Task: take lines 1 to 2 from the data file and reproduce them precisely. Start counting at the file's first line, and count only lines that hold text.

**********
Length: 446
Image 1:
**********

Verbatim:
Length: 446
Image 1: